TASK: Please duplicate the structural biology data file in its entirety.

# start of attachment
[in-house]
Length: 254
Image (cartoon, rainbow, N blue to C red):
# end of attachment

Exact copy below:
[in-house]
Length: 254
Image (cartoon, rainbow, N blue to C red):